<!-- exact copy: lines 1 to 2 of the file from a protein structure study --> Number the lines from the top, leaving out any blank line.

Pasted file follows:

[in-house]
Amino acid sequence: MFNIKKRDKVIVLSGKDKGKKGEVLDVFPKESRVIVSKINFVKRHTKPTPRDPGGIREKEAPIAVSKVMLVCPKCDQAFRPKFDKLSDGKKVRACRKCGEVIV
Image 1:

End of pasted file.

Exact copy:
[in-house]
Amino acid sequence: MFNIKKRDKVIVLSGKDKGKKGEVLDVFPKESRVIVSKINFVKRHTKPTPRDPGGIREKEAPIAVSKVMLVCPKCDQAFRPKFDKLSDGKKVRACRKCGEVIV